The Motley Fool Discussion Boards
Financial Planning / Tax Strategies
|Subject: Re: Non-Deductible IRA||Date: 12/17/1997 7:18 PM|
|Author: TMFTaxes||Number: 933 of 121769|
I'd like to take advantage of the new Roth IRA next year, and I was thinking that I could effectively
start off with a maximum of $4000 instead of $2000 by making a $2000 non-deductible IRA
contribution in 1997, then rolling over the non-deductible IRA into a new Roth IRA at the start of
Would this work? More than that, is this a smart move?>>
It MIGHT work. Remember that you can't designate an IRA contribution as "non-deductible". An IRA contribution is deductible unless circumstances make it non-deductible.
In your backround, you said that that you are covered by a qualified plan (401k). But that alone is not enough for a non-deductible. You would have to couple this with "excess" income. If you are single, and your AGI is more than 35k, you are over the limit for a deductible IRA. If you are married, that limit moves up to $50k.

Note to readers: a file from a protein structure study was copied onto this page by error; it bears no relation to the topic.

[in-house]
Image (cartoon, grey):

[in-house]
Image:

So, if you are over the income limitations, you certainly could open a non-deductible IRA this year, and then roll it to a Roth in 1998 (assuming that you are under the $100k cut off for the Roth Rollover...which you say that you are in your backround information).
Is it the smart thing to do? That is really impossible for me to say, not knowing anything about you. But I can say that under the right circumstances, it really works out to be a very nice deal. I have a few clients that will probably run this same gambit, since it will make sense for them.
(Background: I'm under an employer-sponsored 401(k), so I'm not eligible to make deductible IRA
contributions. [Right?] I expect to be under the $95K AGI cutoff for Roth IRA eligibility in 1998. I
don't currently have an IRA, deductible or non-.)
|Copyright 1996-2015 trademark and the "Fool" logo is a trademark of The Motley Fool, Inc. Contact Us|